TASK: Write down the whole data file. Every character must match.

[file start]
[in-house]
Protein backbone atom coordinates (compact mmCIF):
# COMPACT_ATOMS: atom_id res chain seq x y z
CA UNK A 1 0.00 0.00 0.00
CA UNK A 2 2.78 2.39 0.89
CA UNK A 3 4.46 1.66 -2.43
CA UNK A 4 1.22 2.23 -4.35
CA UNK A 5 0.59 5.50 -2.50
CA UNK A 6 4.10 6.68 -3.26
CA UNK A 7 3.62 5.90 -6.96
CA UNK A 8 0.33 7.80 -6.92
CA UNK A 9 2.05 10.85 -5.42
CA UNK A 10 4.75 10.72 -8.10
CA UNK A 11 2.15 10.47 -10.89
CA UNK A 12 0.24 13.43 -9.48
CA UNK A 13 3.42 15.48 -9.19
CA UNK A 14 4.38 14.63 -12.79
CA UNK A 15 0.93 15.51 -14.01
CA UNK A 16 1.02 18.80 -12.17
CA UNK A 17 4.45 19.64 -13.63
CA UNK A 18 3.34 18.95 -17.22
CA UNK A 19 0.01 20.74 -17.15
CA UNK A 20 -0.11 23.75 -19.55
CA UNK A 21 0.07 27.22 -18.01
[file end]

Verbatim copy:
[in-house]
Protein backbone atom coordinates (compact mmCIF):
# COMPACT_ATOMS: atom_id res chain seq x y z
CA UNK A 1 0.00 0.00 0.00
CA UNK A 2 2.78 2.39 0.89
CA UNK A 3 4.46 1.66 -2.43
CA UNK A 4 1.22 2.23 -4.35
CA UNK A 5 0.59 5.50 -2.50
CA UNK A 6 4.10 6.68 -3.26
CA UNK A 7 3.62 5.90 -6.96
CA UNK A 8 0.33 7.80 -6.92
CA UNK A 9 2.05 10.85 -5.42
CA UNK A 10 4.75 10.72 -8.10
CA UNK A 11 2.15 10.47 -10.89
CA UNK A 12 0.24 13.43 -9.48
CA UNK A 13 3.42 15.48 -9.19
CA UNK A 14 4.38 14.63 -12.79
CA UNK A 15 0.93 15.51 -14.01
CA UNK A 16 1.02 18.80 -12.17
CA UNK A 17 4.45 19.64 -13.63
CA UNK A 18 3.34 18.95 -17.22
CA UNK A 19 0.01 20.74 -17.15
CA UNK A 20 -0.11 23.75 -19.55
CA UNK A 21 0.07 27.22 -18.01